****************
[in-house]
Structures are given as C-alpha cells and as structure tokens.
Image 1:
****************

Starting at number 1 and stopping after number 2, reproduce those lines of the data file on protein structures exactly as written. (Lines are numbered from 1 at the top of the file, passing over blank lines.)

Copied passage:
[in-house]
Structures are given as C-alpha cells and as structure tokens.